the carboxy or sulfo groups of which compounds may also be in salt form, for example in the form of alkali metal salts, alkaline earth metal salts, ammonium salts or amine salts. Examples of compounds of formula (2) are the sodium salt of 3-(2'H-benzotriazol-2'-yl)-5-tert-butyl-4-hydroxybenezenesulfonic acid, 3-(2'H-5'-chlorobenzotriazol-2'-yl)-5-tert-butyl-14-hydroxybenzenesulfonic acid, and 3-(2'H-benzotriazol-2'-yl)-5-sec-butyl-4-hydroxybenzenesulfonic acid, and
(B) 2-phenyl-s-triazines of formula ##STR5## wherein R1 is hydrogen, halogen, C1 -C4 -alkyl or sulfo,
R2 is hydrogen, C1 -C4 -alkyl, C1 -C4 -alkoxy or hydroxy,
R3 is hydrogen or sulfo and
R6 and R7 are each independently of the other C1 14 C4 -alkyl, C1 -C4 -alkoxy,
C5 -C6 -cycloalkyl, phenyl or phenyl which is substituted by C1 -C4 -alkyl and hydroxy, the sulfo groups of which compounds may be in the free or in salt form, for example in the form of alkali metal salts, alkaline earth metal salts, ammonium salts or amine salts. Examples of compounds of formula (3) are the sodium salt of 3-(4',6'-diphenyl-s-triazin-2'-yl)-4-hydroxy-6-methoxybenzenesulfonic acid, 3-(4',6'-diphenyl-s-triazin-2'-yl)-4-hydroxy-6-ethoxybenzenesulfonic acid and 3-(4',6'-diphenyl-s-triazin-2'-yl)-4-hydroxy-6-propoxybenzenesulfonic acid.
The above compounds of formulae (1) to (3) are disclosed, for example, in WO-A- No. 84/02365 and WO-A- No. 86/03528 and can be prepared by known methods.
Mixtures of UV absorbers can also be used.
The UV absorber is preferably applied to the substrate from an aqueous medium.
In the process of this invention, the UV absorber can be applied to the substrate and fixed thereon by all known methods of dyeing or printing, for example by treatment in a long bath in the temperature range from 20° to 140° C., by impregnation and batching at room temperature or elevated temperature, for example in the range from 20° to 90° C. for 30 minutes to 48 hours, depending on the temperature, by padding and fixing by treatment with saturated steam, superheated steam, hot air, or by treatment with high frequency or contact heat. The UV absorber can also be applied by heat transfer printing. The UV absorber can further be fixed on the substrate in combination with organic polymers, for example in the form of aqueous or non-aqueous surface coatings, or by the method of pigment printing.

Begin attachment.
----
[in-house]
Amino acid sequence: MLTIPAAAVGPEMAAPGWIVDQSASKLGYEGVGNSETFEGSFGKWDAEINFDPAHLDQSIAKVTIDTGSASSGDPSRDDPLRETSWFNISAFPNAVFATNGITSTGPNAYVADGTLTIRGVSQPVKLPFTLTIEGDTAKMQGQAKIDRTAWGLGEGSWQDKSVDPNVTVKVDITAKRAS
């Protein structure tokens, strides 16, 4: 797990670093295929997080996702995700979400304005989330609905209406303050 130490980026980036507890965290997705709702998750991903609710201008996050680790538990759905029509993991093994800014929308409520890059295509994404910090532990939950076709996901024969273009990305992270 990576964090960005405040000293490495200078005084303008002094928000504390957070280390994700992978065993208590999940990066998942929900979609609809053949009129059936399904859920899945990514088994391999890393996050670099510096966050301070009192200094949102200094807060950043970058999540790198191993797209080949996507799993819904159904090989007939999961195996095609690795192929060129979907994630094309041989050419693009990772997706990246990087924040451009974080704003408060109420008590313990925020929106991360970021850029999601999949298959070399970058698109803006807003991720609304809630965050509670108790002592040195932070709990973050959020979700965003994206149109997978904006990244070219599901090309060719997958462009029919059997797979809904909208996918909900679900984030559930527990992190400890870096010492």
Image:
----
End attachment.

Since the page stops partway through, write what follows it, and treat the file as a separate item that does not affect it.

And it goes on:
The method of applying and fixing the UV absorber and the amount of UV absorber employed depends on the substrate, the dye used, the florescent whitening agents and their fastness properties, and on the properties of the UV absorber. In general, good quenching effects are obtained when the UV absorber is used in an amount of 0.1 to 5% by weight, based on the weight of the substrate.
As already mentioned, the UV absorber can be applied after treatment with a fluorescent whitening agent or before, during or after dyeing or printing a substrate treated with a fluorescent whitening agent. Treatment with the UV absorber can also be effected before, during or after dyeing or printing, before the substrate is treated with a fluorescent whitening agent. This last mentioned procedure is used, for example, for treating articles of clothing which are washed after use. At the present time, commercial detergents and soaps for domestic use usually contain fluorescent whitening agents to impart a whiter appearance to the washed articles. When textiles which have been dyed or printed in a light shade are washed with such a detergent composition, the shade after drying is different from what it was previously, especially in the case of light shades such as blue, pink and beige.